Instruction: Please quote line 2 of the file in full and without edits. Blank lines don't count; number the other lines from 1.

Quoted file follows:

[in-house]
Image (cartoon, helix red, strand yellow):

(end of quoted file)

Image (cartoon, helix red, strand yellow):